Comments

"Web stream inconsistent" is the understatement of the year. Same with publicity. Can't imagine a sponsor being happy with all this. Ditto re: no programs at Scotland game. No team member visibles on the big screen etc etc. Remembering the club competitions also ... And the web site's lack of updates for days not minutes. Not rocket science. What company in the world would tolerate all this? Just wondering.
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Coach Cornbill, We get what we (don't) pay for. The web-stream was donated. We sent in several requests for information as to where to submit a bid for the webstream (partner in a company that owns a broadcast trailer with a multi-camera set-up and redundant streaming systems), but received only one reply and that was a run-around. Our bid would've been $2500 (about what StreamSports spent to get their two-man team to Texas with gear) including commentary and interviews during the breaks. I'm not sure why there was a lack of updates. One can create a simple Google spreadsheet to input the scores to, publish it to the web, embed the source code into the website, and have an intern/volunteer update scores into the spreadsheet from their phone. The embed will update every 5-10 minutes automatically. It takes effort to do a good job at keeping folks informed of scores and maintaining a consistent stream (offering the stream in SD & HD is important). It also takes effort on the user's end to ensure they have done everything to receive the stream well. That's the real problem with streaming. A company can put out a great webstream, but if the end user isn't set-up to receive it, the stream will look bad and the webstreaming company (not the end user) gets the blame. Perception is always more important than reality. This issue hurts sponsor dollars, as well. Regarding the team make-up: IF there is a next time, expect every team to put together the absolute best mix of athletes - experienced ruggers and those new to the game but phenoms nonetheless - that they can to win. I actually hope that Tiger and NRODA have learned a lesson from this and do exactly that.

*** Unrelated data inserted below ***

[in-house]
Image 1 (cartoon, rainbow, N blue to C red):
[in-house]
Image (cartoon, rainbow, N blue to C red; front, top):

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Thanks for the input, but scores were updated on the USA Rugby TV and USARugby.org/city-7s website after the final whistle of each match during the weekend. Admittedly, users would have had to have refreshed the USA Rugby TV page to see the updated scores, but they were updated in real time. Also, the USAvSCO programme was available on the USA Rugby App on iOS and Android devices and can still be found on the USAvSCO event page.
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Good grief, I guess you still dont get it. Suggest you pretend you're a person who is not privy that the programme is on an app and you've gone to the game like a normal sporting event. (aka general public) Was the fact that it existed posted on the big screen or told by stadium staff? Were players numbers and pictures? When was the kickoff time changed and where was it posted? (keep pretending). Also those scores were not posted as you said. How do I know these things? Because I was surrounded by people complaining and searching through Twitter. It really sounds like we are a club of insiders instead of marketing to the general public. You also may wish to address the other points in the above posts.
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Point taken, coach. We should be marketing all of it to the public and making it available via a very easy access to that same public. I will keep that in mind when planning future webcasts (I cannot speak for the other entity, apologies).
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You voted '+1'.